16 of 19

Hi Charlie,

In general, a Fixed-Price contract is best suited for the type of job where there is a defined deliverable that the client receives at the completion of the project. If you are building something for the client which they will receive at the end of the job, it may be a good idea to suggest setting up the contract as Fixed-Price, instead of an Hourly Contract.

Hourly Contracts work really well where there isn't a defined deliverable, like where you are doing consulting or customer service for a client for instance.

As others have mentioned, you can factor the full costs into your fee that you and your client will agree on so that you are not paying out of pocket for materials. 

You can read about the differences between the two kinds of contracts here.

Milestones can be added on to a Fixed-Price contract if/when the scope of the project expands, and you should only work against milestones that have been funded in escrow. So if you and the client establish multiple milestones that you will complete over time, only work on milestones that have been backed by funds in escrow.

Definitely make sure that you have been hired on a contract on Upwork before doing any work and you can also check out this thread which has information that is very helpful to know when starting out on the platform. Please feel free to follow up with any questions.

Community Guru
Kathy T Member Since: Jul 17, 2015
17 of 19

@Charlie P wrote:


Thanks for the warning Cheryl!

So, first I calculate the parts cost (plus the appropriate Upwork percentage) and ask them to modify the fixed rate job cost to add that in?  Then I ask them to award me the job before I make any parts purchases?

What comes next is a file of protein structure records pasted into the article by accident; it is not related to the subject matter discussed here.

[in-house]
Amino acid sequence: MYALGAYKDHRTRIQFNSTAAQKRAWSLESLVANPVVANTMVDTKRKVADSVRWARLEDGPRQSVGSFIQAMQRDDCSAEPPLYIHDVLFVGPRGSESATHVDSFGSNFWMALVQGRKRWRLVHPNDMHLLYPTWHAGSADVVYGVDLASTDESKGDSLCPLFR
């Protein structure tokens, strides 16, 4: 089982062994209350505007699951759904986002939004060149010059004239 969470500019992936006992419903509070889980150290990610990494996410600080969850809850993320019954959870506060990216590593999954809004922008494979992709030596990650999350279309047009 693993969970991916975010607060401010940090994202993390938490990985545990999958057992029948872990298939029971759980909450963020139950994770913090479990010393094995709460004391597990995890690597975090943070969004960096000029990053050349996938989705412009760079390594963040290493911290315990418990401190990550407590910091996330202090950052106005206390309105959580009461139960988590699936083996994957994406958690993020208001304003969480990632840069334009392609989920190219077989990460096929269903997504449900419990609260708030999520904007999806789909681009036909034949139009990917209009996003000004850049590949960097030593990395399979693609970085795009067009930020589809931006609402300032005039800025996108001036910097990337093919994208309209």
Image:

Yes. that's correct.but, First, my suggestion to you is to have this job as a fixed rate. if it's an hourly job and you enter manual hours, the client can dispute them and all those manual hours will be deleted.  Once this is a fixed rate job, and you're awarded the project, BEFORE you purchase the parts, make sure escrow is FULLY funded either for the entire job or for each milestone as they come up. Include the cost of purchasing the equipment  plus the percentage amounts.,


They say they might want to add new features later in the job.  Can it be extended or do they have to create a whole new project?  If the latter, does Upwork's percentage go back to 20% or does it remain at 10%.


The client can add a new milestone to the job. and fund it for whatever work etc you'll be doing. The client at a future date can also create a new contract. I'm pretty sure the percentage stays the same as long as you work for that specific client. I may be wrong, and if so, I hope someone will jump in and correct me.

You said that the parts cost won't be counted by the timer tracker so I won't be covered for that?  How do I correct that situation.